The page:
Try the political quiz

3,689 Replies

@B4HR53QWomen’s Equality from Kentucky answered…1wk

Yes, as long as they are finished serving their sentence and is a misdemeanor.

@B4H93P4Working Family from Arizona answered…1wk

It depends on whether they were the victims of a biased court or political setup

@9HFMDFMPeace and Freedom from Texas answered…2yrs

It depends on what they do like if they rape or di some sort of violence then no, but if it was when they were younger and stole food to feed their family then it is fine

@9HCR6YYSocialist from Missouri answered…2yrs

Yes as long as it's not a violent or sexual crime and they've gotten proper rehabilitation

@9HCNY2GWorking Family from Texas answered…2yrs

Yes, as long as it was not a Class A Misdemeanor, Felony of any degree, violent, financial, or sexual crime.

@9HB24HPRepublican from Pennsylvania answered…2yrs

Yes, as long as it is public knowledge so voters are informed, as long as it is not ongoing, and as long as it was not committed in office

@Austin-U-(SoapOn…Green from Texas answered…2yrs

Yes, sometimes, myself included, you come out of those things stronger. Because of getting over heroin addiction, I've had to establish a massive amount of mental and emotional fortitude that I would have never needed to do otherwise at that age. Depending on the crimes committed, they can actually be great for reasons like seeing issues through and not mentally collapsing in hard times.

@Breanna-CarterWomen’s Equality from Texas answered…2yrs

Yes, as long as it was not a violent, sexual, or financial crime, and as long as they have served their sentence.

@Jennifer-Gundlac…Green from California answered…2yrs

Yes, as long as they have finished their sentence for the crime and do not have repeat offenses on their record for the same or similar crimes for the past 10 years. We hold people with bankruptcy on their records to those standards; it seems only fair to hold those in public service to the same.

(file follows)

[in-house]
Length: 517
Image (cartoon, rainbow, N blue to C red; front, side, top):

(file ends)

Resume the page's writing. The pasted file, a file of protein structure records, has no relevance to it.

@9H7KCPSDemocrat from Alabama answered…2yrs

Yes, with all of the stipulations states in the extra choices (finished their sentence, not committed in office, and nothing major or harmful) - including not allowing politicians to run if they are currently under investigation for a MAJOR crime (not something like a DUI).

@9H6YBSHPeace and Freedom from California answered…2yrs

Yes but some crimes should disqualify the such as bribery, abuse of power and the likes

@9H6NT9KSocialist from Ohio answered…2yrs

Yes, as long as it wasn't related to treason, an unwarranted violent crime, a sexual crime, or tax fraud.

@9H5RJB6Veteran from Wisconsin answered…2yrs

No unless it is a minor crime and a reasonable amount of time has passed.

@9H5CC8PAmerican Solidarity from Utah answered…2yrs

Yes, as long as it was not a violent or sexual crime, and it has been 10 years with a clean record since they finished serving their sentence

@9H56Q92Libertarian from New York answered…2yrs

No, and sentence any politician who violates the law while in office to death

@9H49R28Women’s Equality from Illinois answered…2yrs

@9H3TDQNWomen’s Equality from Maryland answered…2yrs

Yes if: sentence has been concluded, and the crime was not connected to bribery or election fraud.

@9H2PHSXTranshumanist from Michigan answered…2yrs

Yes, I believe that if there sentence was served and their debt paid and the people of the United States vote them in they should be allowed to be in office.

@9GZYN64Democrat from New York answered…2yrs

Yes, as long as the crime was not committed while in office and was not a felony, violent, sex or financial crime.

@9GZ7ZC6Veteran from New York answered…2yrs

Yes, as long as the crime wasn't TOO bad and we know he didn't have bad intentions in mind. The job of a president is to lead and be strong in making decisions in the peoples best intrest. not weather or not you can relate to him.